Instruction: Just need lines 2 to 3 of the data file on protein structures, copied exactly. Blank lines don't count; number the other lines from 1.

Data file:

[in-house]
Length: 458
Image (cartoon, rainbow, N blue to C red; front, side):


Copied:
Length: 458
Image (cartoon, rainbow, N blue to C red; front, side):